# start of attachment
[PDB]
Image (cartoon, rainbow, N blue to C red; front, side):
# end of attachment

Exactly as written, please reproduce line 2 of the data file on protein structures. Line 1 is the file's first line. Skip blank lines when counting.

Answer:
Image (cartoon, rainbow, N blue to C red; front, side):